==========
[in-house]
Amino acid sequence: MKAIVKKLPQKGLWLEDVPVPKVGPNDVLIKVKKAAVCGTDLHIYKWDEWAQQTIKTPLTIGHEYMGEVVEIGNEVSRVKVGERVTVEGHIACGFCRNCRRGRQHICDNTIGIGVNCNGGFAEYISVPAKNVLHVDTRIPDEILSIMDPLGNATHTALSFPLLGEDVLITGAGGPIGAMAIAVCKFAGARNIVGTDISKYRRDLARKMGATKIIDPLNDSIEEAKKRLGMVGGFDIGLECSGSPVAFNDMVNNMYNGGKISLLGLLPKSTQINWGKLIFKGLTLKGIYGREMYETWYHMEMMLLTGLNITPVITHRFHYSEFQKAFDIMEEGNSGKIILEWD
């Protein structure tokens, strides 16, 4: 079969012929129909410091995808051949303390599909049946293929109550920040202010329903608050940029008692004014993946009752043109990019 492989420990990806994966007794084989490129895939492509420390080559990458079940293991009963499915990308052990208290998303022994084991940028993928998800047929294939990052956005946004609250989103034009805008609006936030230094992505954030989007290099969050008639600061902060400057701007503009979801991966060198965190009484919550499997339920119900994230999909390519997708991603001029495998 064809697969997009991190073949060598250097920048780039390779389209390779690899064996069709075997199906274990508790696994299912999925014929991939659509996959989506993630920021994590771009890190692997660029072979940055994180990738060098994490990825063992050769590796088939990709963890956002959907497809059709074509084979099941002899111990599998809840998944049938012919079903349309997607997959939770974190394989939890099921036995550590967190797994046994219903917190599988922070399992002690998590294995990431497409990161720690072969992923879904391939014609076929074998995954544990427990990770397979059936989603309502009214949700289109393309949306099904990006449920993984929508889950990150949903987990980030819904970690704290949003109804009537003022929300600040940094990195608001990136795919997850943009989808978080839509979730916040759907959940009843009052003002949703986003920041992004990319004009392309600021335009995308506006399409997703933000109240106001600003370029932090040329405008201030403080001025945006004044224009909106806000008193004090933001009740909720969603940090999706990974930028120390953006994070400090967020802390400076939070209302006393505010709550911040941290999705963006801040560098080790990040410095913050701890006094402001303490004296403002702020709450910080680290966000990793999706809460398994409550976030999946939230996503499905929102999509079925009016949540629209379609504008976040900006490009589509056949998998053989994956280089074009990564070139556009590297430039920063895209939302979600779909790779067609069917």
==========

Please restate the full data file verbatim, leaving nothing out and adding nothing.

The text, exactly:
[in-house]
Amino acid sequence: MKAIVKKLPQKGLWLEDVPVPKVGPNDVLIKVKKAAVCGTDLHIYKWDEWAQQTIKTPLTIGHEYMGEVVEIGNEVSRVKVGERVTVEGHIACGFCRNCRRGRQHICDNTIGIGVNCNGGFAEYISVPAKNVLHVDTRIPDEILSIMDPLGNATHTALSFPLLGEDVLITGAGGPIGAMAIAVCKFAGARNIVGTDISKYRRDLARKMGATKIIDPLNDSIEEAKKRLGMVGGFDIGLECSGSPVAFNDMVNNMYNGGKISLLGLLPKSTQINWGKLIFKGLTLKGIYGREMYETWYHMEMMLLTGLNITPVITHRFHYSEFQKAFDIMEEGNSGKIILEWD
């Protein structure tokens, strides 16, 4: 079969012929129909410091995808051949303390599909049946293929109550920040202010329903608050940029008692004014993946009752043109990019 492989420990990806994966007794084989490129895939492509420390080559990458079940293991009963499915990308052990208290998303022994084991940028993928998800047929294939990052956005946004609250989103034009805008609006936030230094992505954030989007290099969050008639600061902060400057701007503009979801991966060198965190009484919550499997339920119900994230999909390519997708991603001029495998 064809697969997009991190073949060598250097920048780039390779389209390779690899064996069709075997199906274990508790696994299912999925014929991939659509996959989506993630920021994590771009890190692997660029072979940055994180990738060098994490990825063992050769590796088939990709963890956002959907497809059709074509084979099941002899111990599998809840998944049938012919079903349309997607997959939770974190394989939890099921036995550590967190797994046994219903917190599988922070399992002690998590294995990431497409990161720690072969992923879904391939014609076929074998995954544990427990990770397979059936989603309502009214949700289109393309949306099904990006449920993984929508889950990150949903987990980030819904970690704290949003109804009537003022929300600040940094990195608001990136795919997850943009989808978080839509979730916040759907959940009843009052003002949703986003920041992004990319004009392309600021335009995308506006399409997703933000109240106001600003370029932090040329405008201030403080001025945006004044224009909106806000008193004090933001009740909720969603940090999706990974930028120390953006994070400090967020802390400076939070209302006393505010709550911040941290999705963006801040560098080790990040410095913050701890006094402001303490004296403002702020709450910080680290966000990793999706809460398994409550976030999946939230996503499905929102999509079925009016949540629209379609504008976040900006490009589509056949998998053989994956280089074009990564070139556009590297430039920063895209939302979600779909790779067609069917």